ANTHC won that lawsuit in 2006. In 2012, a global review of 1,100 studies assessing the work of DHATs around the world found their work to be safe, effective and particularly helpful to children. In Alaska, they now provide care to more than 40,000 people. The W.K. Kellogg Foundation supports DHAT training.
“We need more dentists to serve in rural areas and in communities of color, and we need to consider how adding allied members to the team, such as dental therapists, can help address the nation’s dental crisis,” explains Gail Christopher DN, vice president of program strategy for Kellogg.
Health care advocates, as well as the architects of the Affordable Care Act agree that alternative dental care providers are needed nationwide, but the greatest opposition is coming from the profession’s most powerful organization, the American Dental Association (ADA).
Armed with 160,000 members and powerful lobbyists, The ADA remains staunchly opposed to DHAT’s performing fillings and extractions—the most needed work—outside of tribal lands. They insist that this level of care can only be safely provided by licensed dentists. Due, in part, to their efforts, legislation and funding to support DHATs must be authorized on state-by-state basis.
Ed Chappelle, DDS, president of the National Dental Association also suggests that expanding dental care is far more complicated in underserved urban communities. “I love the Alaska dental health project and I think it is very appropriate for extremely rural areas. But shortage areas in urban settings are quite different. There are dentists available, but they are not compensated in a fair manner or the patients who cannot afford to pay out-of-pocket for care may not be eligible for Medicaid or other assistance programs.”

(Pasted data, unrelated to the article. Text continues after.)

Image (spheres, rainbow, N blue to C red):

“Poverty is what makes people sick,” advises Dionne Richardson, DDS, MPH, state dental director for Mississippi. “That means that there are many barriers affecting the utilization of dental care—poor transportation, an inability to leave work, or life challenges that come before oral health.”
Other experts are convinced that DHATs can make a difference. “In my state alone, 118,000 people went to emergency rooms last year for preventable dental conditions [nationwide, the figure is closer to 800,000],” says Frank Catalanotto, DMD, professor and chair of the department of community dentistry at the University of Florida. Pew Charitable Trust reports that 45 million Americans live in dental shortage areas; more than 17 million low-income children go without care; and more than a quarter of adults over 65 have lost their teeth.
“We know that prevention can address these problems,” Catalanotto says. “Dental therapists not only provide safe, competent, appropriate care, they also focus on changing patient behavior.”
Alaska’s success has not gone unnoticed. Battling ADA and private practitioner objections, policy makers in 15 states are currently considering legislation to train Dental Health Aide Therapists. Minnesota has already put them to work. The question is: who will win when the bills come to a vote—entrenched groups possibly influenced by special interests or millions of Americans in need of safe, affordable dental care.